Judge Morris Jacobson made his decision to move the trial to LA late Thursday. He could have chosen San Diego County, but went with Los Angeles County instead.
Jacobson's decision was expected to be made based primarily on publicity and timing.
Sources said LA County would not be able to hear the case until late next year at the earliest.
The decision is fraught with controversy about what type of justice the Southern California jury will hand out. There are also questions about what role race will play in the selection of the venue and the outcome of the case.
“There's an 800-pound gorilla sitting in the middle of this trial, which is race and police,” John Burris, the attorney for the Grant family said.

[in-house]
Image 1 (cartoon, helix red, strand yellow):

Grant's family said prior to the ruling they would prefer the trial take place in Los Angeles, because it is an area whose diversity more closely mirrors Alameda County. Grant's uncle Bobby Johnson said he wanted to jump for joy when he heard the news.
Grant's mother agrees. "I'm so thankful it's going to be there," Wanda Johnson said.
Jury consultants call the decision to pick Los Angeles over San Diego is a big one. "They are completely different demographics. San Diego is white and conservative and LA has a lot African Americans and is liberal," Howard Varinsky said.
”I think the location of the trial is extremely important both in the reaction to the community but also in the potential outcome of the case," Will Rountree said.
Rountree says he believes the defense wanted the case to take place in San Diego because it is known to be law enforcement friendly, which could benefit them.
”They tend to want to give law enforcement the benefit of the doubt even though mistakes have been made,” he said.